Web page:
South River Council Tackles School Bus Parking Issue

The South River Borough Council addressed a range of community and administrative issues during its latest session, with the introduction of a parking ordinance amendment for school buses in residential areas taking center stage. The council also introduced the municipal budget for the fiscal year 2024, and discussed various community events, departmental updates, and public concerns, including an increase in water rates balanced by a decrease in electric rates, and the progress of local infrastructure projects.

At the forefront of the meeting was the first reading of an ordinance concerning the parking of school buses in residential zones. The council considered this matter after receiving numerous complaints from citizens. An investigation into the matter revealed that the current ordinance did not prohibit the parking of buses, despite restrictions on truck parking. The council clarified that the proposed amendment would specifically target Class C and D buses, which transport between 10 to 54 passengers and 10 to 504 passengers, respectively, to align with the existing truck parking bans.

Another focus of the meeting was the introduction of the municipal budget for 2024, encapsulated in resolution 2024-25. The budget would be published in the Home News Tribune on April 11th, 2024, and was highlighted as a planning document in compliance with state laws. The budget maintained service levels without cuts and confirmed that all three borough utilities are self-liquidating. The water utility’s budget includes a proposed 10% rate increase, partially due to a 5.23% increase in the purchase of water from East Brunswick, which in turn was due to a rate hike by Middlesex Water. Increased insurance and salaries, in line with contractual obligations, were also factored into the budget. The plan included comprehensive maintenance for the water system, including new meter installations and aggressive debt service payments.

In contrast, the electric utility’s budget proposed a 4.83% rate decrease, thanks to savings from a battery storage project. This reduction was designed to help offset the water rate increase for residents. The electric utility’s budget also accounted for capital expenses such as upgrades to transformers, wires, and substation repairs.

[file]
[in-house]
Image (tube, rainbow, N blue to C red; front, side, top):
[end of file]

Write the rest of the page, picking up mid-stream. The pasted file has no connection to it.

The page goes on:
The current fund budget of the borough was also discussed, with all revenue line items meeting or exceeding their targets in 2023. State aid showed a marginal increase of 0.5%, and additional Municipal Relief Aid had been provided. Savings from the battery storage project were earmarked for various capital improvements, including roads, parks, fire trucks, DPW vehicles, and sewer system upgrades. Despite most appropriations remaining level, there were notable increases in insurance and sewer treatment costs. The budget also accounted for a slight increase in debt service due to rising interest rates and an anticipated annual tax increase of $58.19 for the average residential unit.

The meeting proceeded with the second readings of several ordinances, including amendments to the water fees (Ordinance 2024-D8), the fees chapter of the borough code (Ordinance 2024-D9), and a bond ordinance for improvements to the borough’s water treatment, storage, and distribution system (Ordinance 2024-D10). Additionally, a new chapter for filming permits (Ordinance 2024-D11) and further amendments to the fees chapter (Ordinance 2024-D12) were introduced. The zoning amendments ordinance (Ordinance 2024-D13) was also presented, with the second reading and public hearing scheduled for March 25th, 2024.

Departmental updates included progress on the 2024 local aid program, grant proposals, and commencement of pothole repairs. The fire department reported the need to take engine four out of service and the acquisition of a $75,000 grant for new gear. Further grant applications for new radios were also mentioned. Discussions about community events covered the need for cat and dog licenses, an educational presentation about wolves, book donations for a library sale, and planning for South River Day and the Memorial Day Parade.

Public comments raised issues concerning parking and vehicle safety. A young resident expressed concerns about having to park far from home and walking through unsafe areas late at night. Another resident recounted damage to legally parked cars and questioned enforcement actions against vehicles parked on their own lawns. A resident named Julie Litman asked about ordinances relating to large school bus parking, sharing an experience of being told to move her bus from a spot she believed was legal.

Note: This meeting summary was generated by AI, which can occasionally misspell names, misattribute actions, and state inaccuracies. This summary is intended to be a starting point and you should review the meeting record linked above before acting on anything you read. If we got something wrong, let us know. We’re working every day to improve our process in pursuit of universal local government transparency.
Peter Guindi
City Council Officials:
Jason Oliveira, John Krenzel, Tony Ciulla, Henry Dziemian, Donna Balazs, James Gurchensky

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